[COLOR="DarkOrchid"][FONT="Times New Roman"]And then Carter proved to be the most loathed ex president. He was also World's Most Ineffective President ever. Hostage Crisis anyone? Say what you like about Bush, but he actually took action, whether you agree with those or not. He did not spend his time in office going: "Well gee I dunno. Maybe we should try to talk Iran out of slicing the heads off of American citizens."

So while it got him elected, it also got him universal disgust from the American public as well as one measly term that everyone was only too glad to kick him from back side first.[/FONT][/COLOR]
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[quote name='James'][font=franklin gothic medium]I don't know if I'd say that the media "rallied" against Clinton, but there's also no question that the media in general have artificially elevated Obama's campaign.[/quote][/font]

[color=crimson]Haha, yeah. Pre-primary season, though, Hillary Clinton was the presumed winner before the contentious atmosphere between her campaign and Obama's solidified.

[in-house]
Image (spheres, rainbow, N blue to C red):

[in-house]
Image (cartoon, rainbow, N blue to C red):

The spotlight always shifts.[/color]

[quote name='James']I'm not entirely sure why everyone thinks that Obama inherently represents change. Is it simply because he's black? Or because he is considered to be a political outsider?[/quote]

[color=crimson]For the campaign? A good slogan. For me, as a supporter?

I don't know what other supporters think of his aim to bring "change", but I supported Obama starting from last November due to his anti-lobbyist standpoint. I have viewed lobbyists in Washington, both liberal and conservative, very negatively. I hope, though he is a politician with aims for power, that he will, to some level, make efforts to curtail lobbying in Washington.

Additionally, a somewhat bipartisan president would be very refreshing for a few years.[/color]